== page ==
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McNair Scholar 2011Nathaniel Gibbs

Nathaniel Gibbs is a senior at the University of Minnesota, Twin Cities, majoring in Political Science. His interests revolve around the intersections between racial disparities and public policy. Mr. Gibbs plans to pursue a Ph.D. in Sociology.

Nathaniel Gibbs photo
My dream is to receive a Ph.D. in the social sciences and engage in community development as a scholar and civic servant. I want to be involved creating more accessible environments at colleges and universities for first generation college students and encourage urban high school youth to graduate and pursue college degrees.

Research project

Racial Disparities in Drowning

Abstract: The focus of this research project is to examine racial disparities in drowning rates between African American youth and their white counterparts. I examine the casual relationship between African American participation in competitive swimming and drowning rates in order to determine if competitive swim programs can serve to mitigate disproportionate drowning rates and increase swimming ability and knowledge. Competitive swim programs are just one aspect of overall swimming infrastructure. This project also examines disparities in community swimming infrastructure and looks at the historical, social, and political forces at play that create and perpetuate disparities in swimming infrastructure. The goal of this research is to create a highly informed base of knowledge from which policy initiatives can be put forth to mitigate these disparities. Download poster. [PDF]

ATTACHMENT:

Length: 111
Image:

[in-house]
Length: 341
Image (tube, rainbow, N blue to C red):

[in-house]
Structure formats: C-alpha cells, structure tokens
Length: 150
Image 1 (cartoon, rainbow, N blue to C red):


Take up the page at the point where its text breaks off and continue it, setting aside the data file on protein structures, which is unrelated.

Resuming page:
Faculty profile

Professor Samuel Myers serves as Chair of the Roy Wilkins Center for Human Relations and Social Justice. Dr. Myers received a B.A. in Economics in 1971 from Morgan State University in Baltimore, Maryland. In 1976 Dr. Myers received a Ph.D. in Economics from the Massachusetts Institute of Technology. Dr. Myers expertise is in Microeconomic policy analysis, racial inequality, racial disparities in test scores and public policy. Dr. Myers interest in drowning rates and swimming participation comes from a lifetime of competitive swimming and a commitment to critically examining disparities and informing public policy.